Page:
But can they do it a second time? The Ravens already look tapped out for the season. The Chargers came close but couldn’t get the sweep, and there may be a third round coming up. It may be the first time we see the Chiefs play a wild card game in the Patrick Mahomes era, and he could have to play his first road playoff game in Tennessee where he lost 27-3 this year. This loss knocking the Chiefs out of the top seed really could come back to haunt them.

That’s still all down the road, but what about this game on Sunday? It was a great game with a garbage ending. Generally, any game where a team gets to kneel, spike the ball, and kick a last-second field goal is a lame ending. It’s much worse when that sequence comes after back-to-back penalties on fourth-down snaps.

Remember when I posted those charts on how hard it is to beat the Chiefs before it got a little easier early this season? Cincinnati went a bit off script in this one. The Bengals had the fewest rushing yards (60) in a win over Mahomes of any team and they did not win time of possession. Mahomes was 18-2 when the Chiefs had no takeaways, but the Bengals have made that 18-3.

It was a weird game in that the Chiefs were really sold in getting the whole offense involved. In the first half alone, seven Chiefs had a carry and eight caught a pass. Meanwhile, the Bengals relied on the excellence of the Joe Burrow to Ja’Marr Chase connection. Chase, who caught 11-of-12 targets, ended up with touchdowns of 72, 18, and 69 yards on his way to 266 yards, a rookie record.

Beyond this being the best receiving game in NFL history by a rookie, I think you have to say it’s an easy contender for a top 10 all-time receiving game. Only 14 players since 1950 had more than Chase’s 266 yards, and only four of those players had at least three touchdowns. When you consider the YAC he gained on some of those long plays and the fact that he caught a 30-yard pass on a third-and-27 on the game-winning drive against a team trying for the No. 1 seed, it absolutely puts it up there with Calvin Johnson’s 329-yard game or Jerry Rice’s five-touchdown game. Chase also gained two first downs on third downs via defensive pass interference flags on Kansas City.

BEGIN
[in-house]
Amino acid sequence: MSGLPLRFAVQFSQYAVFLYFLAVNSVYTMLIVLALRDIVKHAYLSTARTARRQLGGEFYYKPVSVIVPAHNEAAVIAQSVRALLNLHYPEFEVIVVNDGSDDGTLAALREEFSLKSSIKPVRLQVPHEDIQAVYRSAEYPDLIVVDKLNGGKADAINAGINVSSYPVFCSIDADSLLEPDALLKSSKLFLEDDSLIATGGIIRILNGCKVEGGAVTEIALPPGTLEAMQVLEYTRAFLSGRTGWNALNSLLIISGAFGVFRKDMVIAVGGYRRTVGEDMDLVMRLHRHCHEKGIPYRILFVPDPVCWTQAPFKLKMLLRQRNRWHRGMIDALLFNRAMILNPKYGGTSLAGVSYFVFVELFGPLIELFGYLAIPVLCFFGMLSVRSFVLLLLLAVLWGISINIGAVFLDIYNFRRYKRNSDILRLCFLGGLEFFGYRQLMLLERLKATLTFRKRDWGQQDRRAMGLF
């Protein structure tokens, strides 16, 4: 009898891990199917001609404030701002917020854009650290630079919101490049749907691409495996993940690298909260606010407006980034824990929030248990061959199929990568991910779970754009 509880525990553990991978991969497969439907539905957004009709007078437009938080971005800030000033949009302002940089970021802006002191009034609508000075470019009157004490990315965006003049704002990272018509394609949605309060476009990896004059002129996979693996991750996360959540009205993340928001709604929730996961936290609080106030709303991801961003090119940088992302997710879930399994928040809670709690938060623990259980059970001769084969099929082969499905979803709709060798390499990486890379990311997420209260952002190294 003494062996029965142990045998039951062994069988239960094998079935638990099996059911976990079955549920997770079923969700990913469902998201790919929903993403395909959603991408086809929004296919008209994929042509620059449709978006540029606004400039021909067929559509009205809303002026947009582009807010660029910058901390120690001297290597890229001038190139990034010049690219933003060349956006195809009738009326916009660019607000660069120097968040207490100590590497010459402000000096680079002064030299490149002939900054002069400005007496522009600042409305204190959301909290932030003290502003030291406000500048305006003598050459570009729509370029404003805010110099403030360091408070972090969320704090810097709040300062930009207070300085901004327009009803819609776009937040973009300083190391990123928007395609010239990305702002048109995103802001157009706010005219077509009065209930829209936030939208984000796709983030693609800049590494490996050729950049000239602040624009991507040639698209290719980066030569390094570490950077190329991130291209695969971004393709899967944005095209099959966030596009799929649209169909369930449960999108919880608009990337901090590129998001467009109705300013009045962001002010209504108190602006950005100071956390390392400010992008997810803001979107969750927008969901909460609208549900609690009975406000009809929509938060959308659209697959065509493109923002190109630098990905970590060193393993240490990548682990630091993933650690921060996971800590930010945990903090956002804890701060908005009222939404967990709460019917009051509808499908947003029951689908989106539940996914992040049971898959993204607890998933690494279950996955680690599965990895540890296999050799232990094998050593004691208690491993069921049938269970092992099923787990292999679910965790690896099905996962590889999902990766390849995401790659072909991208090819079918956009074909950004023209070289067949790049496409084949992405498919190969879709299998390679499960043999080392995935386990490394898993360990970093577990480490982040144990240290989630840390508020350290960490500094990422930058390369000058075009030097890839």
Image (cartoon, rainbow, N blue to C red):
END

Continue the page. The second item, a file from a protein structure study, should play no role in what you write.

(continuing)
As for the Chiefs, it seemed like everyone but Travis Kelce and Tyreek Hill were getting big plays. Hill and Kelce combined for 66 yards and one touchdown on 13 touches. It’s hard to argue with four straight touchdown drives in the first half, but did those big weapons not getting heavily involved kill the offense the rest of the game? Hill in particular had a huge drop before halftime that should have put up at least three points for the Chiefs. In the second half, the Chiefs only had three drives. The first saw Kelce drop a first down before Mahomes was nearly picked. The second got knocked out of scoring range by a third-down penalty as the offensive line was reshuffled due to injuries. The third was a game-tying field goal drive in the fourth quarter, but a quick pressure led to an incompletion on third down with 6:04 left. Mahomes never touched the ball again.

The Chiefs never blew a fourth-quarter lead in 2020 but have done so three times this season (Ravens, Chargers, Bengals). Cincinnati’s game-winning drive had the key conversion to Chase on third-and-27, and in hindsight, the Chiefs would have been better off if the Bengals scored a touchdown. The same can be said for the next 10 snaps that took place as we got into the ridiculous end game I mentioned earlier.